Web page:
Suffering is suffering no matter what form it takes. We often don't think that we are suffering because we are not be persecuted but that is a false assumption. There is no difference between suffering in persecution or suffering in sickness. John Piper elaborates here:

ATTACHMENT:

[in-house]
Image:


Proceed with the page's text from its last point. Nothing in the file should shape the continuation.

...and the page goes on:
The most significant difference between sickness and persecution is that persecution is an intentional hostility from someone because we are known to be Christians, but sickness is not. Therefore, in some situations, to choose to be public Christians is to choose a way of life that accepts suffering, if God wills (1 Peter 4:19). But suffering may result from living as a Christian even when there is no intentional hostility from unbelievers. ...[A]ll suffering that comes in the path of obedience is suffering with Christ and for Christ—whether it is cancer or conflict. And it is “chosen”—that is, we willingly take the path of obedience where the suffering befalls us, and we do not murmur against God. ...All experiences of suffering in the path of Christian obedience, whether from persecution or sickness or accident, have this in common: They all threaten our faith in the goodness of God and tempt us to leave the path of obedience. Therefore, every triumph of faith and all perseverance in obedience are testimonies to the goodness of God and the preciousness of Christ—whether the enemy is sickness, Satan, sin, or sabotage. Therefore, all suffering, of every kind, that we endure in the path of our Christian calling is a suffering “with Christ” and “for Christ.” With Him in the sense that the suffering comes to us as we are walking with Him by faith and in the sense that it is endured in the strength He supplies through His sympathizing high-priestly ministry (Hebrews 4:15). (From Desiring God by John Piper, pages 256-257.)
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